By the time of The Man with the Red Tattoo, Benson had become comfortable tinkering with the mythos created by Fleming, most controversially by having Bond kill his ex-father-in-law, Marc-Ange Draco, in Never Dream of Dying (2001). In Tattoo, 007 is deeply distressed he’s been ordered on a mission to Japan which he last visited in 1964 (You Only Live Twice). In that Fleming novel, Bond killed archenemy Ernst Stavro Blofeld, avenged the murder of his wife, and then suffered amnesia which resulted in his living for months as a Japanese fisherman. His unhappiness is offset by his working again with Tiger Tanaka, and their first briefing is pure Fleming—a vividly described meal with the cultural exchanges of two world-wise sophisticates. The setting and plot continues to be close to a Fleming story with the action mostly earth-bound instead of over-the-top stuntwork, including an old-fashioned train trip featuring a killer dwarf. This Bond doesn’t have super-powers—his face shows the bruises of a beating and 007 actually allows a doctor to examine his head for concussions. The last chase scene—through some of the most exotic landscapes ever in a Bond novel—and the climax are as exciting as any explosion fest on screen. Strangely, not only did Benson’s final book look back to the gritty origins of the 007 realm, it made a contribution to Bond lore beyond its pages. In 2005, happy to have been a setting for a Bond book, the government of Japan's Kagawa Prefecture established the permanent 007 Man with the Red Tattoo Museum dedicated to the book.
The two short stories, clearly the nuggets Bond enthusiasts will need to complete their collections, are worth the price of admission as they too add to Bond lore beyond the printed page. The very short Live at Five, written expressly for TV Guide, has 007 zipping around a skating rink to distract the defection of a Russian skater. In the background we hear the commentary of Janet Davies, an actual Chicago news anchor. Publicity for the story included the real Davies having to ask her bosses for permission to sleep with 007 in the story. Midsummer Night’s Doom was another commissioned yarn, this time by Hugh Hefner to bring James Bond to the Playboy Mansion. 007 has to come to a party in satin pajamas to find out how a rock star is passing on secret information. The Q for this episode is Hef himself who provides 007 with a most useful pen. Neither of these tales compare with any of Fleming’s own short stories, but they weren’t intended to. They’re light entertainment, deliberately blurring the lines between fiction and reality just for fun.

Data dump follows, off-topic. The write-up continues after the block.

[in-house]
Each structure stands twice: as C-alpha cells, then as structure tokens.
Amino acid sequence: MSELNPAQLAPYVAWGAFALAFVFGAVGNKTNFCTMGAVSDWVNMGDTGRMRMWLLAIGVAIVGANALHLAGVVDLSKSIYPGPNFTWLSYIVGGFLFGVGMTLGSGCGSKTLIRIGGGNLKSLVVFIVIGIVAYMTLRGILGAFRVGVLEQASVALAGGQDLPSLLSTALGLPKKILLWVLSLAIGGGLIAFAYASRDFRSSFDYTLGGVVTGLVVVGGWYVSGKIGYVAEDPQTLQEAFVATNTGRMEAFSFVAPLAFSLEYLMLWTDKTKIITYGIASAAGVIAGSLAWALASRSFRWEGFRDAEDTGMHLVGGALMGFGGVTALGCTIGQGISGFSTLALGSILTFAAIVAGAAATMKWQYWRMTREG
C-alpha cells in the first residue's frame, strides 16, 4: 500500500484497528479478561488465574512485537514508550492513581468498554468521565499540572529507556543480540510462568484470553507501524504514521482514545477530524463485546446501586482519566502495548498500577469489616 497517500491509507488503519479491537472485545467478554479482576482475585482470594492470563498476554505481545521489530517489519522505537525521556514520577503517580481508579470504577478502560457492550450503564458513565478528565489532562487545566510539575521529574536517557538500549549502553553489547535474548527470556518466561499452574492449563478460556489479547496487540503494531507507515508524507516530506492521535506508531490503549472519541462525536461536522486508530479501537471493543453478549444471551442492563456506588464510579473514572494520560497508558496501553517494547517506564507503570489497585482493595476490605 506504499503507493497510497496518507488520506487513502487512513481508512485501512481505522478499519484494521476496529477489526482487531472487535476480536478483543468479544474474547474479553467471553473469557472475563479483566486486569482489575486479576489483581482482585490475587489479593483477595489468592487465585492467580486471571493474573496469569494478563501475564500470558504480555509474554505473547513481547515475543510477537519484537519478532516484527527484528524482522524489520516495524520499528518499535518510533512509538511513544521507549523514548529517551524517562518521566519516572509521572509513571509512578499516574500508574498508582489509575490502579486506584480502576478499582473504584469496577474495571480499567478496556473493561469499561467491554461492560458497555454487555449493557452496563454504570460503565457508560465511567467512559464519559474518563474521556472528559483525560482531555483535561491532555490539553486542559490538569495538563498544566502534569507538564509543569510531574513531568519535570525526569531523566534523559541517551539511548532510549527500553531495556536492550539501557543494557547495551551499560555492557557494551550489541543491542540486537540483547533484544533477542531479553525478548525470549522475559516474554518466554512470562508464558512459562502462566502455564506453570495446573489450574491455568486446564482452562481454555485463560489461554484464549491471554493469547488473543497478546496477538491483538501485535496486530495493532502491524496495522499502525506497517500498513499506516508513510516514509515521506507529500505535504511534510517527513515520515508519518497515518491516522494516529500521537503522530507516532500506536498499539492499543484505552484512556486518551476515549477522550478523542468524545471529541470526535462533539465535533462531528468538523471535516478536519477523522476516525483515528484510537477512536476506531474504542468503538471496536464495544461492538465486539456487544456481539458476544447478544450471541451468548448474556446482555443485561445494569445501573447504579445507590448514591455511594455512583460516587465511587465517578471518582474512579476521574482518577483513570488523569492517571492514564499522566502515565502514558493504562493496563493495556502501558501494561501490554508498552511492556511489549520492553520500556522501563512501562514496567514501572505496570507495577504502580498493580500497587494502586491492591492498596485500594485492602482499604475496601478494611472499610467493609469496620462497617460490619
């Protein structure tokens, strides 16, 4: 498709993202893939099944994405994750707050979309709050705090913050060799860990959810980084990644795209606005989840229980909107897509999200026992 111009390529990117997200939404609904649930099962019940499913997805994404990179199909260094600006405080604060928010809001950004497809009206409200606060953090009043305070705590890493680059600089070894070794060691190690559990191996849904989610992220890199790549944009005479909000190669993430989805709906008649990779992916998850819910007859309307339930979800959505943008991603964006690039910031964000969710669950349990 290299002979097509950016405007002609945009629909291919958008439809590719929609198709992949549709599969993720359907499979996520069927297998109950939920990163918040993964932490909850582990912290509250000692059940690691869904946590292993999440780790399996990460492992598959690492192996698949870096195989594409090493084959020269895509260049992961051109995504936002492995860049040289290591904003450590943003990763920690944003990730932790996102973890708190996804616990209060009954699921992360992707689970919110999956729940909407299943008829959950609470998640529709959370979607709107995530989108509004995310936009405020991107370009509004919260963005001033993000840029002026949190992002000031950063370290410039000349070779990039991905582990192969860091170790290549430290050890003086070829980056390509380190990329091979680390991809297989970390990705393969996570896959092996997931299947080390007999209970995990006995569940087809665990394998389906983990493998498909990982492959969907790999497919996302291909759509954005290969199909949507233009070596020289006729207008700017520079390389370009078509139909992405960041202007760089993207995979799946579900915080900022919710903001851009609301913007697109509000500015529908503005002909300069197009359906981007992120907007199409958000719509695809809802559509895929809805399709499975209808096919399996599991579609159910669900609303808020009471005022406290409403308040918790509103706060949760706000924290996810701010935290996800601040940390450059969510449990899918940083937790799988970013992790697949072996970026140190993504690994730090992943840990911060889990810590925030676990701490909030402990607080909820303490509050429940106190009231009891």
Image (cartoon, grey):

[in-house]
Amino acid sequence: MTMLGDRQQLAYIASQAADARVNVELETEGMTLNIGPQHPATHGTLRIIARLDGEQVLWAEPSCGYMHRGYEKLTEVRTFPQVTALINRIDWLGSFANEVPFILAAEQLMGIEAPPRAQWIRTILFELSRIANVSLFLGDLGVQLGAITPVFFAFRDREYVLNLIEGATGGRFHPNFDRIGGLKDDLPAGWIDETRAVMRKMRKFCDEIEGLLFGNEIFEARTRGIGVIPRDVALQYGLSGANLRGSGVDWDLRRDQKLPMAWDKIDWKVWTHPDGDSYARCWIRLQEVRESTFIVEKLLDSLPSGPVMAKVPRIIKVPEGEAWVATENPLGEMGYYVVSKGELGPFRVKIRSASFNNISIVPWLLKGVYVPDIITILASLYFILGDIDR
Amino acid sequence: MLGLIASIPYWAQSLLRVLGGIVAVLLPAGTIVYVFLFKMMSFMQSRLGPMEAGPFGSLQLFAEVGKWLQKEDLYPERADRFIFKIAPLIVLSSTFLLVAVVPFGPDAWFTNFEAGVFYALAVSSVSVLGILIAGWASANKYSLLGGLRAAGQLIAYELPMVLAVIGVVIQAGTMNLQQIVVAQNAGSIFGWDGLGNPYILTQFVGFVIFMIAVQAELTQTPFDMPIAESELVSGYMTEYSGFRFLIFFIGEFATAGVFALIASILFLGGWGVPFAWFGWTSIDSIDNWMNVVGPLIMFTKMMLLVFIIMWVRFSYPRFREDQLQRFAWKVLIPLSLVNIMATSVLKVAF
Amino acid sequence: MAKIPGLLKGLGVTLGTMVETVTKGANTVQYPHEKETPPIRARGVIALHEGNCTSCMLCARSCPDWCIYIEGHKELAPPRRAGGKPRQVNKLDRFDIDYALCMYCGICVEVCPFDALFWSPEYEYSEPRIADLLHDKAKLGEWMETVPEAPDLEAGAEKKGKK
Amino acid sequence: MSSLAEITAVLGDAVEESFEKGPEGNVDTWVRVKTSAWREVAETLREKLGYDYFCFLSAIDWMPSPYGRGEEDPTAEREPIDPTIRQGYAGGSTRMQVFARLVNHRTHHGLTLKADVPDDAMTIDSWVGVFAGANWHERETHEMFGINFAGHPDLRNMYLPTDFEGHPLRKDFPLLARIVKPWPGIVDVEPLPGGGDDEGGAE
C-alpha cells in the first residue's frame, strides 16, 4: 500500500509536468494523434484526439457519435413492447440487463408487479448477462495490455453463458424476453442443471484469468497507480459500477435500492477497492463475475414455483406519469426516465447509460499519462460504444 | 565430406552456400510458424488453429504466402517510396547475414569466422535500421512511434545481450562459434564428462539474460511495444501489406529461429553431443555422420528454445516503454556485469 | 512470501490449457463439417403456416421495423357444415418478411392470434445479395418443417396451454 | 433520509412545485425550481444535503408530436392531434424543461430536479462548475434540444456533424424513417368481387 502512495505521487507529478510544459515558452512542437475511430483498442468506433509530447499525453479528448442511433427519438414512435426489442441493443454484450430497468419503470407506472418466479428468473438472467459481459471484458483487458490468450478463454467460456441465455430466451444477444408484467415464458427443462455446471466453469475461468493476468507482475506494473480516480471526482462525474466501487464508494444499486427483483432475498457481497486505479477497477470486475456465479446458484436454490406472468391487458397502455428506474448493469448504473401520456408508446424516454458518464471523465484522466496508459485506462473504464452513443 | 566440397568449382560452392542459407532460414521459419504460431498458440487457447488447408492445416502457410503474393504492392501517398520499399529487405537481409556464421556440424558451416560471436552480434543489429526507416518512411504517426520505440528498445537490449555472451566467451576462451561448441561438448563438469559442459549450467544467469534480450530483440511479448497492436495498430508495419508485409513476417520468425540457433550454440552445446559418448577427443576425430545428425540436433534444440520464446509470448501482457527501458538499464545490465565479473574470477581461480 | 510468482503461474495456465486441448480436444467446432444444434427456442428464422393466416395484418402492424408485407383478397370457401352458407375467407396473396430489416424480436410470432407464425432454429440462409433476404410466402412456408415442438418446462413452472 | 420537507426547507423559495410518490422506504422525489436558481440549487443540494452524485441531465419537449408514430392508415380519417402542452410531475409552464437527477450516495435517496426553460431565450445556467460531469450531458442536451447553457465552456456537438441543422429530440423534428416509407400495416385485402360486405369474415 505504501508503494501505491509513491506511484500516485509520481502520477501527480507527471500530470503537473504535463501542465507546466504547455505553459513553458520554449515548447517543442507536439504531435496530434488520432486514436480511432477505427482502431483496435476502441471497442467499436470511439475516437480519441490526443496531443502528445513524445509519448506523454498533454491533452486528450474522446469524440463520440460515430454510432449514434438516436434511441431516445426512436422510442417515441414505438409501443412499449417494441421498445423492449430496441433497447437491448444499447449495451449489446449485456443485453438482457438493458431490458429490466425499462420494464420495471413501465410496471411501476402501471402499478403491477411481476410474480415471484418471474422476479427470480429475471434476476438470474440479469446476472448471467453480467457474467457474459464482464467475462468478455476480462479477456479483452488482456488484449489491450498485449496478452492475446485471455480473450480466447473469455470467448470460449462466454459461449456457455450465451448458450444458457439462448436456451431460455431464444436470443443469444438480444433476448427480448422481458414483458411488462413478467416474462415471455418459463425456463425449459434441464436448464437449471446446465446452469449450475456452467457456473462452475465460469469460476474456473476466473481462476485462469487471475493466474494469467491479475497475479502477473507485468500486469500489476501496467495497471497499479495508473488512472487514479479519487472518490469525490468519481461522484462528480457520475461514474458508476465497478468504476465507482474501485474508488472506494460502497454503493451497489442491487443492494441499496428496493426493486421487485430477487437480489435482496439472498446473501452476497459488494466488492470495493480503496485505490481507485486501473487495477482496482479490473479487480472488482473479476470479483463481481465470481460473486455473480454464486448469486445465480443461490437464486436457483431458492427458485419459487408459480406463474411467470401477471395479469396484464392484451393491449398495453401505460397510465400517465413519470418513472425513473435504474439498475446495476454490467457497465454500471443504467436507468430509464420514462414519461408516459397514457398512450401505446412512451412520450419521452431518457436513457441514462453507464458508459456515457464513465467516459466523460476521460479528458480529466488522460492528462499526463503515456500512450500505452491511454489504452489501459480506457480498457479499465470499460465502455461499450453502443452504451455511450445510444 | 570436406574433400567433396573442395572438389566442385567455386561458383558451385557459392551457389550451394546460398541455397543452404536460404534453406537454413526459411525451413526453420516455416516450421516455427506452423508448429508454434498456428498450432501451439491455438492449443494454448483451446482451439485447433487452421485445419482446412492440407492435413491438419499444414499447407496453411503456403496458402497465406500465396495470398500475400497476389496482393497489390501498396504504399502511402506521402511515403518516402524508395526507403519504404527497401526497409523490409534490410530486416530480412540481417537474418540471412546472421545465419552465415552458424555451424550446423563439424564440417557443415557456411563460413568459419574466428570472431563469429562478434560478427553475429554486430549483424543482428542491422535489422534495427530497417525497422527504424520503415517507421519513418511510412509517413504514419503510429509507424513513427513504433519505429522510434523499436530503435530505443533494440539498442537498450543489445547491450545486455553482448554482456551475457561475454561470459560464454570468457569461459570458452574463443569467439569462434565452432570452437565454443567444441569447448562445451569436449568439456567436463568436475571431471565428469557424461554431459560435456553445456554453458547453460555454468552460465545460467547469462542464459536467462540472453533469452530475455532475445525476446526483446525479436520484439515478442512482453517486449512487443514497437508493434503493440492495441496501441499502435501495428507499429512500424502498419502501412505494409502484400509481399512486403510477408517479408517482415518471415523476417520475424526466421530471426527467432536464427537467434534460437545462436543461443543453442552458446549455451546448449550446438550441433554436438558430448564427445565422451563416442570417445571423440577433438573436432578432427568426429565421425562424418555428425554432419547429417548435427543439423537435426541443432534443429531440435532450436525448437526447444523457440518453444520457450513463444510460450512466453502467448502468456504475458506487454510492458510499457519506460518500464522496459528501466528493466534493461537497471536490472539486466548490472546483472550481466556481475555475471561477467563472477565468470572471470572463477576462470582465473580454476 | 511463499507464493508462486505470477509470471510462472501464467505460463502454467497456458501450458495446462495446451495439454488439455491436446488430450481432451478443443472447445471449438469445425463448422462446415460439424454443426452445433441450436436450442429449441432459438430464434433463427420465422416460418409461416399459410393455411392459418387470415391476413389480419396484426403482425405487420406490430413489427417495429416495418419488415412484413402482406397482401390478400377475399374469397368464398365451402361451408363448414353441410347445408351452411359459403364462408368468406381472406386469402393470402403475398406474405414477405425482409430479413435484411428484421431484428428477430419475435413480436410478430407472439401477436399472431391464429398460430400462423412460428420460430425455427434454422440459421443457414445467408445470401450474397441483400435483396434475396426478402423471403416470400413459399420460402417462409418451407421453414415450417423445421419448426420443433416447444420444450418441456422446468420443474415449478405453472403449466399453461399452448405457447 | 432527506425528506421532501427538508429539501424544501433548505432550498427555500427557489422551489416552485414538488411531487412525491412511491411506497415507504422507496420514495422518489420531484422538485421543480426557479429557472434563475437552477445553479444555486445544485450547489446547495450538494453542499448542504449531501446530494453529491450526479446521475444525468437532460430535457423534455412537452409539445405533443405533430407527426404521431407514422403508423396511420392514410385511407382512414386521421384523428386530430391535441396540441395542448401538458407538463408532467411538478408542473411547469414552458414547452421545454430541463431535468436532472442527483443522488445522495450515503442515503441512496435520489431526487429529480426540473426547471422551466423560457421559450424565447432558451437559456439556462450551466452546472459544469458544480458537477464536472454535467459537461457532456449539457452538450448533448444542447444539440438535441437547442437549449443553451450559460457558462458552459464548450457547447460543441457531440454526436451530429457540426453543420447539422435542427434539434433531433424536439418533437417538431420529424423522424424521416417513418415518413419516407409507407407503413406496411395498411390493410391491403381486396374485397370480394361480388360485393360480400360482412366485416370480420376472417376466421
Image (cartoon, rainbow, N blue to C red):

As the continuation novels have always interested a limited niche market, it’s clear most potential readers of Choice of Weapons will be James Bond fans but, no doubt, many missed these books when they first came out. Others should enjoy re-reading stories they might have perused years ago and will find new things the second time around. Would Benson appeal to a wider readership, say readers of espionage fiction as a whole? I see no reason why lovers of Ludlum or Clancy etc. shouldn’t find these titles equally engaging page turners whether or not they care overmuch about 007. The only difficulty with Choice of Weapons is its size—its thickness wouldn’t make it the best choice for airport reading, unless you plan on using it as a weapon yourself. The question now is—will Benson’s three Bond movie novelizations be bundled together in a new collection as well? I see no reason why not. As readers of the tie-in novels have learned, to borrow the sub-title of a new critical overview of the many worlds of James Bond, the films are not enough.
Listen to Wes Britton’s audio interview with author Raymond Benson for the “Dave White Presents” radio program posted HERE